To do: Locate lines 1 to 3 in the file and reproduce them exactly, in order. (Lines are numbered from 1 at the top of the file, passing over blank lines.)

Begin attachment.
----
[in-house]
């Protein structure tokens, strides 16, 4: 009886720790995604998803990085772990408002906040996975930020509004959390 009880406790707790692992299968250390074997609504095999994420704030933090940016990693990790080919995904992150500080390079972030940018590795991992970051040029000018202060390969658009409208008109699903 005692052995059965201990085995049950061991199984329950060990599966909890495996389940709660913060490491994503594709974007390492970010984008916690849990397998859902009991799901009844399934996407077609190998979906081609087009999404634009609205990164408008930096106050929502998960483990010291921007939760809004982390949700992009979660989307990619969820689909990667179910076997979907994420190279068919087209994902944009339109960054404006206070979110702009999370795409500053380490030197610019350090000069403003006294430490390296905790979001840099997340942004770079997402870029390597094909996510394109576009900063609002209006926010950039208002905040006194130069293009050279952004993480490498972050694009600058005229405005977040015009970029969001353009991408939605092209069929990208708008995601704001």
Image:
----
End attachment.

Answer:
[in-house]
């Protein structure tokens, strides 16, 4: 009886720790995604998803990085772990408002906040996975930020509004959390 009880406790707790692992299968250390074997609504095999994420704030933090940016990693990790080919995904992150500080390079972030940018590795991992970051040029000018202060390969658009409208008109699903 005692052995059965201990085995049950061991199984329950060990599966909890495996389940709660913060490491994503594709974007390492970010984008916690849990397998859902009991799901009844399934996407077609190998979906081609087009999404634009609205990164408008930096106050929502998960483990010291921007939760809004982390949700992009979660989307990619969820689909990667179910076997979907994420190279068919087209994902944009339109960054404006206070979110702009999370795409500053380490030197610019350090000069403003006294430490390296905790979001840099997340942004770079997402870029390597094909996510394109576009900063609002209006926010950039208002905040006194130069293009050279952004993480490498972050694009600058005229405005977040015009970029969001353009991408939605092209069929990208708008995601704001």
Image: